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Buying aspirations hit 40 year high

Long term home-owning aspirations of first-time buyers are higher than at any time since the 1970s.



Sarah Davidson, 8 May, 2012

Research carried out for the AA Home Emergency Response service revealed that of those who have bought their first home in the period since the 2008 housing peak, 37% say they feel they can realistically aspire to owning a detached home.

The equivalent figure for those buying in the 1970s is 39%, falling to 33% for first-time buyers in the 80s and 32% for those entering the housing market in the 1990s.

Aspirations for the size of home have increased while the percentage expecting to progress to a detached home with two to three bedrooms fell slightly from 13% in the 1980s to 12% for those buying since 2008.

The proportion of first-time buyers with expectations of a four or five bedroom house have risen from 19% to 22% over the same period.

The political debate about mansion taxes has not dissuaded people from thinking ownership of a very large home will be feasible for them – 3% of those buying their first home since 2008 expect to eventually own a home with six or more bedrooms, three times the proportion of those getting their first mortgage in the 1980s.

Both men and women are equally bullish in their belief that a detached home will be within their reach, but it's the younger generation who are most likely to feel this will be at the larger end of the market.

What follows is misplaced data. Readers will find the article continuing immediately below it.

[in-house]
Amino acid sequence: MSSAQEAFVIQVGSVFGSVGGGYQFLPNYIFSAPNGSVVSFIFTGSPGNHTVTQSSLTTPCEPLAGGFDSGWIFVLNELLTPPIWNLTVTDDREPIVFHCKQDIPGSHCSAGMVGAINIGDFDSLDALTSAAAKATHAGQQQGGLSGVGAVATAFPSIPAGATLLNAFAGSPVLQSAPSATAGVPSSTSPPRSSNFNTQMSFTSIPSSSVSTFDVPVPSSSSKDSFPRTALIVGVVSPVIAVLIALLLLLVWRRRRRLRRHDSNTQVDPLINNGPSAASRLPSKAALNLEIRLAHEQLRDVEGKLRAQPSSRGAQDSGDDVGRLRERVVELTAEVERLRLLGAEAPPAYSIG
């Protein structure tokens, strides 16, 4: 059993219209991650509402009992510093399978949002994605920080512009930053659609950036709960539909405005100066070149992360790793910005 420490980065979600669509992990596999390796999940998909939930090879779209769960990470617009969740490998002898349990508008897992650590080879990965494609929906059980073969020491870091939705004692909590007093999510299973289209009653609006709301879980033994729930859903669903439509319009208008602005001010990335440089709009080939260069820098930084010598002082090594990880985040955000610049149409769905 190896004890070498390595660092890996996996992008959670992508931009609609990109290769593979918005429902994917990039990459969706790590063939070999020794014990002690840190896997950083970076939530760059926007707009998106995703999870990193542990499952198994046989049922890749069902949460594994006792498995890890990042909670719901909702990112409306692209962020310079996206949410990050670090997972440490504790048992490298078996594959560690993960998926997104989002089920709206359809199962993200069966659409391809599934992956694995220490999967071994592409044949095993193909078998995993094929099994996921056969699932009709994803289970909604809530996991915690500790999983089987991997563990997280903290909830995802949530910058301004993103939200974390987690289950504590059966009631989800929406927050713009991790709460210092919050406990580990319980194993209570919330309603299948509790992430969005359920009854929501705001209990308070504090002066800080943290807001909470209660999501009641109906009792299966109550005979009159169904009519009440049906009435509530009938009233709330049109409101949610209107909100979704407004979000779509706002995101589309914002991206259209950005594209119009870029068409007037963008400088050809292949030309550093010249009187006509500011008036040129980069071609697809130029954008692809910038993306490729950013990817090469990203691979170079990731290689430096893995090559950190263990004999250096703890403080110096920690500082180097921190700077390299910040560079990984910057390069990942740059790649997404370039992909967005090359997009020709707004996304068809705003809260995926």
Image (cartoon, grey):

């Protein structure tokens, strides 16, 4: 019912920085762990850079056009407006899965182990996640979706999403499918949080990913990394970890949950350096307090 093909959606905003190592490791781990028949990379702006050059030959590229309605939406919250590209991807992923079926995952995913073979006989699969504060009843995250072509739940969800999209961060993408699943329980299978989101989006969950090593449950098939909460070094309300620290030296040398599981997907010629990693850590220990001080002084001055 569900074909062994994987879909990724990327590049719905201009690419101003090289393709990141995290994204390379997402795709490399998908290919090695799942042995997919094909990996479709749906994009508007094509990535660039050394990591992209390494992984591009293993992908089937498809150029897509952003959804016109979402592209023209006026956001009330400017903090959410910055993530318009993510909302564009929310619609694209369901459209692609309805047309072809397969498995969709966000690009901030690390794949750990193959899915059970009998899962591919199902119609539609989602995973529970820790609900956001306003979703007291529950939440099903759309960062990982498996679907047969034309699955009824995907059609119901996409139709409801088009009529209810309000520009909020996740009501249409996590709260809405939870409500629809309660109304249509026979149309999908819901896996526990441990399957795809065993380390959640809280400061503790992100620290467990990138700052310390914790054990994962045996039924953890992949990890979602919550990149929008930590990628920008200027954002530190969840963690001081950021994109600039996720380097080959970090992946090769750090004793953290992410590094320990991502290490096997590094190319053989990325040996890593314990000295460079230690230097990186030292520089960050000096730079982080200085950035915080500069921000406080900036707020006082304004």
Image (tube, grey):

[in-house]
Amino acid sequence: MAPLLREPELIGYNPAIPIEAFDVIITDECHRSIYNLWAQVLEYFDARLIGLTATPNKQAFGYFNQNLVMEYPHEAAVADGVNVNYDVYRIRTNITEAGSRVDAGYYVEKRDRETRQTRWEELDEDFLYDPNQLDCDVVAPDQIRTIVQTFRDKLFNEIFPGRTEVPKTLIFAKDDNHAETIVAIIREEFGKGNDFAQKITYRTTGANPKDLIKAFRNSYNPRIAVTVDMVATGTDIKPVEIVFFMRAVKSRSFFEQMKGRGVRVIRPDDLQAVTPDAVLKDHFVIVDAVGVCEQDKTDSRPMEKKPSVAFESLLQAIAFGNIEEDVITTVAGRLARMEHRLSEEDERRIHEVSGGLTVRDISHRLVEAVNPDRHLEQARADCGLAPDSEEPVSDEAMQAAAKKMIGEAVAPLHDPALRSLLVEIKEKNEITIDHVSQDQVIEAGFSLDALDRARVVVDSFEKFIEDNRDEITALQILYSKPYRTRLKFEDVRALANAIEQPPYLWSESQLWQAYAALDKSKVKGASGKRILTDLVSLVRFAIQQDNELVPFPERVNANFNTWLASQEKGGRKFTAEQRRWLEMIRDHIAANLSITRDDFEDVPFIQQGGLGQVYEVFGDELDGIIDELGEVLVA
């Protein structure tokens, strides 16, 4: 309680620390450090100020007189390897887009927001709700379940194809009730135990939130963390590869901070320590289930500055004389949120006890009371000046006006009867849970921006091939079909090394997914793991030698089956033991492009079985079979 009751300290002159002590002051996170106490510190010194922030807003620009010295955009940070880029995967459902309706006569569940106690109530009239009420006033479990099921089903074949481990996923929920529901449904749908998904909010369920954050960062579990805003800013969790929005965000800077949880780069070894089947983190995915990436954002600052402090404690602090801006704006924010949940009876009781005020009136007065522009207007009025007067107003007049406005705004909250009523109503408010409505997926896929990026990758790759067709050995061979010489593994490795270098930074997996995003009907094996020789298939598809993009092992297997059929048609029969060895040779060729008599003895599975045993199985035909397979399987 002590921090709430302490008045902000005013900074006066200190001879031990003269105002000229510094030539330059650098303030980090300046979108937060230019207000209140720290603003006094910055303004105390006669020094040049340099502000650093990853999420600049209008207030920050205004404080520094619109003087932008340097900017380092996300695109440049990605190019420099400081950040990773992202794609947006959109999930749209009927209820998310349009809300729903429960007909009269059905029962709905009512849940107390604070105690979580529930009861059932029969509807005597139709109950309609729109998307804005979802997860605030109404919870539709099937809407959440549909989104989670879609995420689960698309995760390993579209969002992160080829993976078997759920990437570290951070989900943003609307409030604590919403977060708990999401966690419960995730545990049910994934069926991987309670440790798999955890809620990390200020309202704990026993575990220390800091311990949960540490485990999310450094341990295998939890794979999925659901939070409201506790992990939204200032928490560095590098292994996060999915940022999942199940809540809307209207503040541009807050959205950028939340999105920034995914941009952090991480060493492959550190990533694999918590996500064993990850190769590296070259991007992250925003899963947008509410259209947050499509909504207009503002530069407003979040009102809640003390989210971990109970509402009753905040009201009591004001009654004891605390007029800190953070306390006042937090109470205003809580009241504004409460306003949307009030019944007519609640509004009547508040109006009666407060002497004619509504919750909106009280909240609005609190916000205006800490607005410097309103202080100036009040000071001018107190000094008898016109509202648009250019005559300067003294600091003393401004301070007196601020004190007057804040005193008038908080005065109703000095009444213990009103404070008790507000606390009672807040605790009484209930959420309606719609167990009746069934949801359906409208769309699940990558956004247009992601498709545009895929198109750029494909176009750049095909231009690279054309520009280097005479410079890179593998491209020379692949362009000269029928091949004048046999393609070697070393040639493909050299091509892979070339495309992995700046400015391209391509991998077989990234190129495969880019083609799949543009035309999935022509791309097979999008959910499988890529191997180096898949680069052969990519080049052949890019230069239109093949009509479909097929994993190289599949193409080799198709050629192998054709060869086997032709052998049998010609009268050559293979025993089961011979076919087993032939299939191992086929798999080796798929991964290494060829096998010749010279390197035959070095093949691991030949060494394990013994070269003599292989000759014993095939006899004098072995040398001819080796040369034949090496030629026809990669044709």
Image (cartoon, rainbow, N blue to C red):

Some 7% of 18-24 year olds believe they will end up owning a detached home with six or more bedrooms.

The 1980s is remembered as the decade in which Margaret Thatcher's Government heavily promoted the benefits of home ownership.

However for a quarter (24%) of those buying in that decade a terraced home was the limit of their home owning ambitions.

Only 15% of those buying for the first time since 2008 believe their ultimate home will be a terraced one.

While people's aspirations have stretched beyond the terraces, over the same period the expectations for apartment living have almost doubled.

In the 1980s 6% of first-time buyers believed that a flat would be the pinnacle of their home ownership - a figure which has risen to 11% for those buying in the post 2008 housing market slump.

Although 37% of first-time buyers may feel they will achieve ownership of a detached home, detached properties only make up 17% of the housing stock.

Tom Stringer, head of AA Home Emergency Response, said: "New entrants to the market are more positive about their long term prospects than those entering in the last thirty years - something which could bode well for recovery in the market."




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